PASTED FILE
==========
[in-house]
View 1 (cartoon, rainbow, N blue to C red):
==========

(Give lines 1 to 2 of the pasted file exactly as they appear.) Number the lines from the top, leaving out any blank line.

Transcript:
[in-house]
View 1 (cartoon, rainbow, N blue to C red):